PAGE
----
Any “weather weenie” is well aware of the fact that a major storm is coming for the eastern United States (yes, it really is that big). Accuweather.com and the Weather Channel are beginning the hype, Twitter is abuzz with forecasts and speculation (at least in the weather-weenie corner of it), and even the stolid National Weather Service has gotten in on this, with the Storm Prediction Center calling for “Particularly Dangerous Situation” winter storm warnings. (A PDS ordinarily is issued for severe weather—typically, in fact, for the type of severe weather event that has a historic tendency to generate violent tornadoes.) Indeed, blizzard conditions will be widespread across the Midwest, probably affecting an area as large as the “Storm of the Century” of March 1993. The culprits are a low pressure center and a mass of arctic air coming from Canada. The unseasonably warm air that we have enjoyed in the Southeast is going to fuel the system, so to speak.
I am not going to touch on the snow and ice aspects of this. The area that will undergo winter storm or even blizzard conditions is simply too large for me to give anything other than a large-scale overview, for one. And two, this is primarily a Southeastern blog as far as actual forecasts are concerned, and we in the South are going to have to deal with the system in a different way: severe thunderstorms. That warm Gulf air that will feed the system is going to be generating what’s known as a “warm sector.”
Mid-latitude cyclones such as this one have three distinct sectors: one to the east of the cold front, one to the west, and one that remains to the north. The north sector is what will be producing the snow and ice; north sides of cyclones typically have a constant flow of precipitation, because the cold front associated with the low does not actually pass over these regions. The west side is the “dry” side, in general (though there are exceptions); this is also typically a cold part of the system. That’s what’s going to bring a return to winter temperatures for the South; it will follow the passage of the cold front. And the warm sector is the southeastern side—the side that will have southerly flow from the Gulf of Mexico. These 60s and 70s that we’ve been experiencing, in other words.
There will be several factors that will create severe weather for us. I am going to illustrate these with images from the North American Mesoscale (NAM) model, downloaded from TwisterData.com. First is the location and intensity of the jet stream:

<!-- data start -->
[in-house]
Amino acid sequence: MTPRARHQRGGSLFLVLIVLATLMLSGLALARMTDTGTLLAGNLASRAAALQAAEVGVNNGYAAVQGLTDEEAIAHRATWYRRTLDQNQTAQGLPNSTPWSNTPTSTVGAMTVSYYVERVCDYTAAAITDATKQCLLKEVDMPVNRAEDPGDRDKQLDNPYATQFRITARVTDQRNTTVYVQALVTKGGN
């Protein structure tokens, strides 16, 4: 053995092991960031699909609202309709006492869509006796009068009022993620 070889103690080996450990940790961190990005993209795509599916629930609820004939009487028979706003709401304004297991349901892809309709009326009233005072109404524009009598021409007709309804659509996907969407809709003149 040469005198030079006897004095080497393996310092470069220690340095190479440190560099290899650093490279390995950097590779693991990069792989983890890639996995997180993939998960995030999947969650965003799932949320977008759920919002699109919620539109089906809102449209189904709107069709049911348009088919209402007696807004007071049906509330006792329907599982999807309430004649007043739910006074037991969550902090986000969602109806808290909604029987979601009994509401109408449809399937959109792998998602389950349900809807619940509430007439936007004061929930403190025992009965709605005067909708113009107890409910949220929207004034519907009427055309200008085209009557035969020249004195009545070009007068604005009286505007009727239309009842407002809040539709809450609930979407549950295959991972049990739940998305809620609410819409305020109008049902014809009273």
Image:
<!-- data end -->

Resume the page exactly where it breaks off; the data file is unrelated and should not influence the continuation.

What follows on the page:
That image shows that the jet at 300 mb (~9000 m) will have 140-knot winds over ArkLaTex on Tuesday evening. The jet typically does have strong winds on the order of 80 knots, which is why it is a death sentence (via shear) for hurricanes in the summer, but these same winds that rip warm-core tropical cyclones to shreds create conditions that enhance cold-core cyclones in the cool season, when the jet is much farther south. 140 is quite strong even for winter. Furthermore, the location of the jet indicates that air will be drawn to the northwest along the eastern end of the strongest points—the exit region, in meteorological parlance. The image doesn’t appear to depict this, but the southeastern flow I am referring to is taking place vertically, and this image only shows winds at the 300 mb level. This will create areas of divergence in Mississippi, Louisiana, and eastern Arkansas. Divergence leads to a “vacuum” of sorts—an area of lower pressure—and therefore to rising air.
The second factor is the extreme temperature gradient.
Again, take a good look at Arkansas. This is an image from the same time as the one depicting the jet stream, but much lower in the atmosphere (850 mb, or 1500 m). The 850-mb low is located around Fayetteville, and you can see the wind flow around it. But look at the colors, which represent temperature. That is a very strong cold front, and the reason for it is the extremely unseasonable warm weather across the Gulf states. You can see the southerly flow of warm, moist air, creating the warm sector. The wind flow will be moving warmer air into areas of cooler air (the wind barbs are crossing isotherms), a process called warm-air advection. Look at the strength of the winds at this level, too. There are 65-knot winds forecast at 850 mb! This is hurricane-force.
Finally, the pressure gradient itself:
I will direct your attention to the isobars over the Plains. The low hasn’t even fully intensified yet, but already there is a 40 mb gradient because the high is so darn strong. It is this pressure gradient that will be generating the intense winds with this system, producing blizzard conditions north of the freezing line, and severe weather south of it.
Now, the $64,000 question: What type of severe weather are we talking about? None of the above sounds like particularly good news, but fortunately (for north MS, at any rate), I do have some comparatively good news now. I do not think our tornado risk is going to be all that high, nor our large hail risk. Instead—you guessed it—I think we are in line for some very strong winds as the cold front approaches us late Tuesday night/early Wednesday morning, combined with a lot of rain and the chance of small hail. There will be some instability, but CAPE levels are not going to be much higher than about 750 J/kg across Mississippi. The helicity index, a parameter reasonably predictive of supercell formation, is not expected to be very high. I think there is a chance of supercells in south MS (let’s say south of I-20), but at the present time I am not seeing this type of severe weather event on a large scale.
However, as people in north MS can certainly attest after the repeat punches of severe weather over the past year, high winds can be damaging enough on their own, and this system has the potential to generate some very strong winds for us. All in all, though, I think we are dodging not one, but several bullets with it.